Taxation of Roth Rollover;  Roth Holding Period Rules; and Gifts to College-age Grandchildren

This column, in slightly different format, originally appeared in The San Francisco Examiner Newspaper, February 8,  1998.

Copyright 1998 Robert L. Sommers, all rights reserved.

Question: I’m age 69 and am considering rolling over my $94,000 IRA into a Roth on or before December 31 of this year to take advantage of the four-year tax averaging opportunity. (Note: if a Roth conversion occurs during 1998, the resulting taxes will be due in four equal annual installments.) What happens if I die before the four-year period ends. At my age, is a Roth rollover a good idea?

Answer: If a taxpayer dies during the four-year period, all taxes owed from the rollover become payable on the taxpayer’s last tax return, unless the Roth beneficiary is the decedent’s spouse. In that case, the four-year averaging continues.

Whether you should convert to a Roth depends on your health, tax bracket and your finances. If you are healthy, in a high tax bracket and do not need the funds immediately, consider the rollover. If, however, you must pay the tax with money from your IRA, you’ll wind up with less money invested in your Roth -- a distinct disadvantage.

Remember, an IRA has mandatory distributions (commencing on April 1 of the year after age 70) and once the IRA distributions begin, the pay-out period becomes fixed. In other words, the IRA becomes a depleting resource.

In contrast, the Roth does not have mandatory distributions during the owner’s life. Therefore, if you lived another twenty years, and allowed your Roth to accumulate, it could double or triple in value, while during that same time period, your IRA may have been drained. Also, you may make annual contributions to a Roth after age 70. You would also have the flexibility to withdraw funds from the Roth without tax or penalty, once you have satisfied the initial five-year holding requirement (discussed below).


Question: I’m age 62 and would like to rollover my present IRA to a new Roth and then make annual contributions to the Roth thereafter. What happens if I exceed the $100,000 adjusted gross income (AGI) limit for rollovers and how does the five-year holding requirement apply to my subsequent contributions?

Answer: Many taxpayers who convert to a Roth won’t know whether their AGI exceed $100,000 until after December 31, 1998. Relief rules will allow the taxpayer to convert the Roth back to an IRA so that the rollover, in effect, never happened. If this conversion is completed before the due date for filing the 1998 tax return, excluding extensions, then there will be no penalties for the attempted rollover.

In general, distributions are tax-free if they occur after age 59 and the contributions, including rollovers, have remained in the Roth for at least five years. The five-year period begins with the first tax year the taxpayer (or taxpayer’s spouse) made the contribution. As with traditional IRAs, a taxpayer must make the annual contribution (maximum $2,000 for individuals, $4,000 for couples) on or before the due date for filing the tax return, including extensions. For example, if the taxpayer makes a $2,000 contribution for tax year 1998 on February 15, 1999, the first year of the holding period is actually 1998.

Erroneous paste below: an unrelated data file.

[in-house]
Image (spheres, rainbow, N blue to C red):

Each annual contribution is subject to the five-year holding period. If this requirement is violated, earnings generated from the contributions are taxable. Also, if the taxpayer is under age 59 , there is an additional 10% penalty for early withdrawal. To mitigate this unfavorable result, taxpayers are treated as receiving distributions of their contributions until the amount distributed exceeds the total of all contributions. Thus, none of the distributions are attributable to earnings -- and subject to tax and penalties -- until the total amount of distributions exceed the amount of contributions.

For instance, if a taxpayer makes 10 annual $2,000 contributions (total contributions of $20,000), the first $20,000 will be considered a return of contributions, thus not subject to the five-year rule.


Question: I want to give money to my college-age grandchildren. What are the gift rules?

Answer: You may use your annual gift-tax exclusion to shelter gifts of $10,000 per year per beneficiary. Husbands and wives may make annual gifts of $20,000 per beneficiary. You may exceed these limits for "qualified transfers" of tuition payments to educational organizations and for medical care. (The relationship between the donor (giver) and donee (recipient) is irrelevant.)

Payments must be made to the educational or medical organization and not as reimbursements to parents, students or patients who made the payments directly. Also, gifts in trust for educational or medical payments do not qualify. The educational-expense exception applies only to tuition for education or training (books, supplies, room and board are excluded). Medical care payments are restricted to those activities qualifying for the medical-expense deduction.

In your situation, consider making direct tuition payments to the school and then using the $10,000 portion ($20,000 for married couples) of your annual exclusion for gifts to your grandchild. If the student is in the 15% tax bracket, consider gifting appreciated assets (stocks, bonds), then having the donee sell them. Remember, the donee receives a carryover basis (your basis becomes the donee’s basis) and will pay tax on the gain if the asset is sold for a profit.




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